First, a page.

Wondering how to start a garden? Find your confidence with these expert gardening tips. Make your grow-your-own dreams a reality with these 10 easy-to-follow tips.
1. Site it right.
Starting a garden is just like real estate it's all about location. Place your garden in a part of your yard where you'll see it regularly (out of sight, out of mind definitely applies to gardening). That way, you'll be much more likely to spend time in it.
2. Follow the sun.
Misjudging sunlight is a common pitfall when you're first learning to garden. Pay attention to how sunlight plays through your yard before choosing a spot for your garden. Most edible plants, including many vegetables, herbs, and fruits, need at least 6 hours of sun in order to thrive.
3. Stay close to water.
One of the best gardening tips you'll ever get is to plan your new garden near a water source. Make sure you can run a hose to your garden site, so you don't have to lug water to it each time your plants get thirsty. The best way to tell if plants need watering is to push a finger an inch down into the soil (that's about one knuckle deep). If it's dry, it's time to water.
4. Start with great soil.
When starting a garden, one of the top pieces of advice is to invest in soil that is nutrient-rich and well-drained. If you are planting in a raised bed, invest in soil with perfect weight and texture for raised bed growing.
5. Consider containers.
When space is at a premium, look to containers. You can grow many plants in pots, including vegetables, herbs, flowers, fruit trees, berries, and shrubs. When gardening in containers, use a pot that's large enough for the plant it's hosting, and fill it with a potting mix.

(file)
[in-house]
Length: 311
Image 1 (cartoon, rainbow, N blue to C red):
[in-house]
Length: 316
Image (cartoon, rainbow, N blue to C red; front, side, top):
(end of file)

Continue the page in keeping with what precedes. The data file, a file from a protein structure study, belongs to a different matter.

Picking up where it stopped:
6. Choose the right plants.
It's important to select plants that match your growing conditions. This means putting sun-loving plants into a sunny spot, choosing heat-tolerant plants in warm climates, and giving ground-gobbling vines like pumpkins and melons ample elbow room (or a trellis to climb). Do your homework and pick varieties that will grow well where you live and in the space you have.
7. Discover your zone.
Knowing your "hardiness zone" can help you choose the best plants. Simply put, it describes the coldest place a plant can grow. The higher the zone number, the warmer the climate. So if a plant is "hardy to zone 4" and your garden in zone 5, that plant will survive in your yard. If, however, you're in zone 3, it's too cold to grow that particular plant.
8. Learn your frost dates.
Planting too early (or late) in the season can spell disaster for your garden. You need to know the last average spring frost date for your area so you don't accidentally kill plants by putting them out prematurely. It's also good to know your first average fall frost date so that you get your plants harvested or moved indoors before late-season cold damages them.
9. Add some mulch.
Apply a layer of mulch that's 2 to 3 inches deep around each plant. This will help reduce weeds by blocking out the sun and reduce moisture loss through evaporation, so you have to water less. For a polished look, put down a layer of mulch. Or, you can put down straw, shredded leaves, pine straw, or some other locally available material.
10. Feed plants regularly.
We've already talked about the importance of starting with great soil, but that soil works best in concert with regular boosts of high-quality nutrition for your plants. In other words, amazing soil + top-notch plant food = super garden success!